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Micah Xavier Johnson and Gavin Long: Seventeen Reasons

by Paul Street

After having for centuries treated Black people, especially young Black men, as existential dangers to the (white) nation, U.S. rulers act surprised that the day of the Black American Sniper has dawned. There’s nothing complex about Gavin Long and Micah Johnson’s actions. They wanted to “exact Black revenge on, and to set limits to, racist police violence.” If racist police violence continues, expect similar responses.

“Black-on-Black Violence”: Red-Herrings and Mass Gaslighting

by Ken Peeples

In the U.S., homicide is largely segregated by race – except when police are involved. But “white-on-white violence is almost never discussed,” despite the fact that most mass killings involve white perpetrators and mainly white victims. There is a very important difference between intra-Black homicide and police killings of Blacks: “When Black people kill Black people, they go to jail.  This rarely happens with police officers.”

The “Fundamentalism” in Police Operations

by Steve Martinot

Police thinking resembles the circular reasoning of religious zealotry. “Against the pretense of an equality of persons, or equality of races, or a diversity of cultures, the police counterpose the law, but a law that has become the police as a law unto themselves through their impunity.” They command and control the rest of us. In cities and counties, “the police are a more powerful political organization than civilian government.”

Modern Day 'Slave' Patrols and the Ongoing Legacy of Police Terrorizing African/Black Communities

by Solomon Comissiong

The U.S. system of mass Black incarceration cannot reformed, but must be dismantled, root and branch. “The job of the police force in predominately African/black communities is to make sure those communities are contained and kept in a state of constant fear and terror.”

Modern Day 'Slave' Patrols and the Ongoing Legacy of Police Terrorizing African/Black Communities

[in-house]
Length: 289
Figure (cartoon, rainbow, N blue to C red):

by Solomon Comissiong

Rulers Shocked by Dallas Attack: Black Folks Keep on Stepping

by BAR executive editor Glen Ford

Blacks were righteously outraged at two horrific killings, but were then urged to stand down when a lone Black man exacted his own retribution on Dallas police officers. When activists escalated their protests, the powers-that-be and the Black Misleaders that serve them tried to change the subject to gun control. However, the problem of police shootings of Black people is not about gun control, but who controls the police.

Freedom Rider: Why We Need Black Anger

by BAR editor and senior columnist Margaret Kimberley

Cop-worship seemed to be the national religion as the U.S. ruling and talking classes sanctified five Dallas policemen. “Just at the moment when rage was most needed, hand holding, candle light vigils and pleas for calm became the order of the day.” Officiating over it all was the Actor-in-Chief, playing his familiar role as philosopher-preacher (he’s an assassin on Tuesday nights), who has “never used his authority to prosecute even one killer cop.”

World Recoils as U.S. Slave Patrollers Kill in Defense of Empire

by BAR editor and columnist Dr. Marsha Adebayo

The Bahamas has warned its citizens to be cautious in the U.S., and Black Londoners rallied in solidarity with Black American resistance to racist violence. “Leaders on the African continent, such as, Nigeria, South Africa, Ghana as well as the Caribbean and South America, must also stand to account and express their solidarity with the struggle of Africans in America.”

We Must Resist Attempts to Silence Our Voices on Police Violence

by BAR editor and columnist Ajamu Baraka

The man who targets people for assassination every Tuesday has no moral authority to counsel Black folk on how to resist oppression. “We know that Obama, the Black Mis-Leadership Class, and the majority of the U.S. public really does not believe in the equal value of all life, and certainly not in the value of poor, working class black life.” We are a peaceful people, but this will not be “a one-sided war.”

Baton Rouge: “Put Those Damn Weapons Down!”

by Bill Quigley 

Militarized cops are running amuck in Baton Rouge, Louisiana. Hundreds of people protesting the death of Alton Sterling have been arrested and many more had guns pointed at them by riot-geared cops seemingly unconstrained by any notion of law. Protesters, journalists and neighborhood residents are locked up for bogus reasons, unlawful reasons, or no apparent reason at all. The justice system is criminal.

Blacks Pay for Police “Reforms” With Their Lives

by Bryan K. Bullock

The spectacle of wanton police killings of Black people “is carried out in public space, with public dollars, much in the way lynchings were” – a state tactic designed to inflict terror on the targeted population. But the U.S. state is never charged with terrorism. It requires massive quantities of Black suffering to make the slightest impact on the white American mind. Consent decrees and meaningless “reforms” are written in Black blood.